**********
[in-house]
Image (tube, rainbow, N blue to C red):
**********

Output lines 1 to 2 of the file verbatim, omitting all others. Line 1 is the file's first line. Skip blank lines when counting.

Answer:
[in-house]
Image (tube, rainbow, N blue to C red):